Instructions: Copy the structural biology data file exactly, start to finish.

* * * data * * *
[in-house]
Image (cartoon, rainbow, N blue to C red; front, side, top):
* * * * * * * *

[in-house]
Image (cartoon, rainbow, N blue to C red; front, side, top):